Changes to the Faculty Student Association’s halal offerings this semester have left some students struggling to find adequate food on campus.
Following the recontracting of the Jasmine food court this fall, the court no longer has the proper facilities to prepare halal meals. Instead, it relies on sealed, prepackaged “Halal NY” sandwiches from the Union Commons.
This leaves the Union Commons as the only place on campus that prepares and offers halal food at a station that closes at 10 p.m. on weekdays and does not operate on weekends.
This limited availability has become problematic for students such as freshman Israa Hussein, who is frustrated that the Union has a relatively small selection and “closes early, earlier than other food places.”
“I generally have late class and I can’t come here until after I finish,” Hussein said. “Sometimes I just have to buy my food early, leave it in the fridge and eat it later.”
“It’s kind of annoying, it stresses me out and it’s actually really important,” she continued.
The Halal NY station in the Union produces, stores and serves foods under the Quran’s prescribed dietary practices. For example, pork is forbidden and the production of meat must follow certain Islamic regulations.
The station currently provides halal sandwiches to Tabler Café, Roth Café, the Student Activities Center, the Administration cart, the Life Sciences cart, the Union Deli and Jasmine, according to FSA Campus Dining Services Director of Operations Rob Reinhard.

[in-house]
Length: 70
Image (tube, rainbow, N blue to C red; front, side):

Additionally, according to statement provided by FSA Director of Marketing and Communications Angela Agnello, the FSA “now requires that food served at Jasmine and advertised as ‘halal’ meets the minimum standards provided by the University’s Islamic Chaplain, Sanaa Nadim.”
“These standards include halal food being stored, prepared and served in a separate kitchen area so as to avoid the potential for cross-contamination with food that may be considered haram [anything that is forbidden by Islamic law].”
Jasmine’s kitchen is now shared by four Asian specialty food providers and according to the statement, “does not have space for a separate preparation area of Halal foods.”
Hussein, who is accustomed to Egypt’s widespread halal practices, currently has to combine food sources if she wants variety with protein from the halal station, which is primarily limited to chicken meals.
“Where I come from, everything is halal basically, because it’s an Islamic country. I’m from Egypt and I lived in Middle East for some time too,” Hussein said. “The food repeats every week.”
“When I came here it was different; I’m stressing out keeping an eye on it and I don’t want to stress out about not having food on campus.”
According to the FSA statement, “there has also been feedback about the variety of Halal meals, including requests for menu items from cuisines of the Middle East and Southern Asia, as well as for American comfort foods.
“Campus Dining recently met with the Muslim Student Association and Chaplain Nadim to review the expanded ‘Halal NY’ menu at Union Commons, which now provides a greater variety of requested cuisines, including different daily menu items for lunch and dinner.”
Apparently the Union’s halal kitchen will this year offer a “pilot program” to distribute hot meals to other dining facilities on campus. Additionally, the statement said that visiting guests chefs from Halal NY are being considered by the FSA.
Reinhard was unable to comment on Jasmine’s previous halal program because the “previous contractor for Jasmine did not provide food through Halal NY or the supervision of the University’s Islamic chaplain, Sanaa Nadim,” but recommended that students with specific halal meal requirements contact Nadim.